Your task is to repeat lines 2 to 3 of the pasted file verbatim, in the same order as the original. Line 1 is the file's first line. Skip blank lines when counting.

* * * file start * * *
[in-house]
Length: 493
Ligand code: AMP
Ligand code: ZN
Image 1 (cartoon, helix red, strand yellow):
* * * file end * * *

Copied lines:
Length: 493
Ligand code: AMP